OLDWICK, N.J.--(BUSINESS WIRE)-- A.M. Best is revising its outlook on the U.S. health insurance industry to stable from negative for 2018, citing that insurers overall have been able to adapt to the pressures from the Patient Protection and Affordable Care Act (ACA) and improve earnings and risk-adjusted capitalization levels.
A new Best’s Briefing, titled, “Market Segment Outlook: U.S. Health,” states that the lower level of profitability in 2014 and 2015 was driven by the commercial individual segment, and although the individual exchange business has reported losses, this segment still constitutes a small portion of health insurers’ operations. Other product lines, particularly the employer group segment, as well as the Medicaid and Medicare Advantage lines of business, remain profitable.
The briefing notes that the ACA exchange business improved in 2016 and 2017, driven partially by consecutive years of high rate increases and a narrowing of provider networks. The exchange membership still has a concentration of individuals who are higher risk and greater utilizers of services, but the exchange population has stabilized. A.M. Best had been concerned that with the potential for a repeal or replacement of the ACA, an increase in utilization would occur in 2017 as individuals might rush to seek medical treatments and services before losing coverage. However, this spike did not occur, and medical cost trends were relatively flat in 2016 and 2017. A repeal and replacement of the ACA is still a possibility; however, A.M. Best believes that after several failed attempts to pass a bill in 2017, the U.S. Congress may choose to focus on other issues over the next fiscal year. Other factors creating a more stable marketplace include the decrease in the number of carriers participating in the ACA exchanges and more membership continuity and consistency.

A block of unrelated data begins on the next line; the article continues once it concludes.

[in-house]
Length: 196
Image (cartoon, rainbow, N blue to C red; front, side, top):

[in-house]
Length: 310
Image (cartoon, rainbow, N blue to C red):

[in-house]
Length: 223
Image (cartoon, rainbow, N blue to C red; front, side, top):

According to the briefing, the elimination of the cost-sharing reduction (CSR) subsidy payment in fourth-quarter 2017 will have a slightly negative impact on earnings. However, most carriers had already received a sizeable portion of the payment for the year. Additionally, the elimination of the CSR subsidy will not have an impact in 2018 for most carriers, as many state regulators allowed plans to adjust premium rates prior to the open enrollment to avoid a potential negative financial impact. In addition, the tax-bill’s repeal of the individual mandate, which removes the penalty for not having insurance, does not take effect until 2019.
Negative factors continue to impact the industry, but A.M. Best believes that insurers overall have been able to adapt and as a result, does not expect any significant deterioration in market conditions over the next year.
For the full copy of this briefing, please visit http://www3.ambest.com/bestweek/purchase.asp?record_code=269332.
A video interview with Joseph Zazzera, director, about the U.S. health insurance industry also is available.
A.M. Best is the world's oldest and most authoritative insurance rating and information source. For more information, visit www.ambest.com.
Copyright © 2018 by A.M. Best Rating Services, Inc. and/or its affiliates. ALL RIGHTS RESERVED.
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Sally Rosen, +1-908-439-2200, ext. 5280
Doniella Pliss, +1-908-439-2200, ext. 5104
Joseph Zazzera, MBA, +1-908-439-2200, ext. 5797
Christopher Sharkey, +1-908-439-2200, ext. 5159
Manager, Public Relations
Jim Peavy, +1-908-439-2200, ext. 5644
Director, Public Relations
Source: A.M. Best